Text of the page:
Until about a year and a half ago, Shelley was only playing basketball. "I played in every adult league in the area including Mens leagues and I would be at the park or local gym everyday," she explains. "But Covid changed that."
As we know, most gyms shut down during the pandemic and most cities/states even took the rims off the hoops at local parks. With nowhere to play and a burning motivation to stay moving, Shelley stumbled upon a surprising new hobby, one that she had never assumed would consume her the way it did; a sport that continues to take over the country—Shelley found pickleball.
"One day I saw people playing pickleball at a local park called Worthy in Huntington Beach. I didn’t know what it was. A nice lady told me I could borrow one of her paddles and try it out. I did and was instantly hooked," says Shelley enthusiastically. "It was obsessive. I would play everyday... sometimes two or three times a day!" Shelley started as a 3.0 and now competes in tournaments at the 5.0 level. Though she have no aspirations to play pro at the moment, she'd still enjoy playing in pro tournaments. "I just want to see how good and how far I can go with pickleball," Shelley tells us. Adding, "I played in my Lasso socks recently at the Newport Classic and really felt good after two long days of playing. The socks really helped minimize my leg fatigue."
"The best athletes know how to take care of their bodies and know that a long career means taking care of their body. That always starts with the proper equipment and gear. And I've found that in Lasso."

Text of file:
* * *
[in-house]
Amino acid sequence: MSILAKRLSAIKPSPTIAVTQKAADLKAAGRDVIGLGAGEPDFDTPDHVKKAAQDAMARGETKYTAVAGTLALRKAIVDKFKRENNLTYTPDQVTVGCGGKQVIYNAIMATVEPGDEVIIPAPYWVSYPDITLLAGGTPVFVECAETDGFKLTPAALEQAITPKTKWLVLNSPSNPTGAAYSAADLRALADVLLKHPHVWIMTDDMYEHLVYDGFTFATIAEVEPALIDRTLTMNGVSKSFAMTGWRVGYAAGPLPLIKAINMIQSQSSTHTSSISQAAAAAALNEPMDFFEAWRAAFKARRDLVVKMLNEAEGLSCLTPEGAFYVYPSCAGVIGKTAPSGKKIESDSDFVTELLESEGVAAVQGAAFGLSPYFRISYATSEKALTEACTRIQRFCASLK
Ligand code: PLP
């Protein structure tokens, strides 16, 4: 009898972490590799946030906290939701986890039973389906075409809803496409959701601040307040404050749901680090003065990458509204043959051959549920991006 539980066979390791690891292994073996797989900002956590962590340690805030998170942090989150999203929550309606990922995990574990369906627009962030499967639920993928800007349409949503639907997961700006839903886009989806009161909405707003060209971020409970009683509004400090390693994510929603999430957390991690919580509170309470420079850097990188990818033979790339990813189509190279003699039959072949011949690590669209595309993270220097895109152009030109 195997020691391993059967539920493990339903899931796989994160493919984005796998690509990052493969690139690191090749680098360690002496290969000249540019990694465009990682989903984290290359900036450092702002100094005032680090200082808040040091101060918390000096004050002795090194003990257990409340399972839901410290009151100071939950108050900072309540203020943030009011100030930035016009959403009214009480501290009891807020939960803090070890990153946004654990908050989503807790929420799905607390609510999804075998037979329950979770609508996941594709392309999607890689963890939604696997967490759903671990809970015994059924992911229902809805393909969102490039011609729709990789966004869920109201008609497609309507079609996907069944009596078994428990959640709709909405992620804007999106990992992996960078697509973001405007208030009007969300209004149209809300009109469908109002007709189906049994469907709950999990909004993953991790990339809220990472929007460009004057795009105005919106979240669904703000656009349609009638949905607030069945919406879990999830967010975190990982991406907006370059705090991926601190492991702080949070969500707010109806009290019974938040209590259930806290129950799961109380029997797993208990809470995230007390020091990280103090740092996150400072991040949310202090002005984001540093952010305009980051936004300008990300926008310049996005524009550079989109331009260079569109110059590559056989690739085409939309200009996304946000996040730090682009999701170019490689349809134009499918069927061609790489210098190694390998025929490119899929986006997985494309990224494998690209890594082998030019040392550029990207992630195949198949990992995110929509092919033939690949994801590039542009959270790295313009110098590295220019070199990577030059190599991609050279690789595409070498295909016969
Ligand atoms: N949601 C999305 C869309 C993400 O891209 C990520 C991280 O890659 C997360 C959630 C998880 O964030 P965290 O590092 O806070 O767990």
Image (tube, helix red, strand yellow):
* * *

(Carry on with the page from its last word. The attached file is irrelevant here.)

Without trusted, quality gear it is really hard to train and prepare for rigorous activities once you decide to take it to the next level, or simply participate at a very active level, as Shelley does. "As I get older, I've realized quality over cheaply made sports gear is vital for athletic longevity. In order for me to play competitively for the next 20+ years I need to have the proper gear," she explains. "I don’t want to play in shoes with holes in them or socks that rip after a few uses. The best athletes know how to take care of their bodies and know that a long career means taking care of their body. That always starts with the proper equipment and gear. And I've found that in Lasso."
As the dust settles, Shelley tells us, "I just think it's important to enjoy life. Everyday, I do my best to be happy by doing what I love. I love waking up to the voice of my 5-year-old at 6 am every morning asking me to play with him. I love training players in basketball. I love pickleball training and playing in tournaments." And to us, it's so admirable. Some people take the L and walk home. Some take the W and go too hard. Shelley is just riding the rollercoaster, front row, ready for whatever ups and downs come along with it, confidently knowing whatever direction is in front of her, is the right direction. "I try not to sweat the small stuff," she concludes. Adding, with a chuckle, "And I laugh. A lot. Sometimes I laugh when no one is around. Honestly... I don’t know what my future holds. No matter what, I plan to kick butt in whatever I choose to do."
We know you will, Shelley.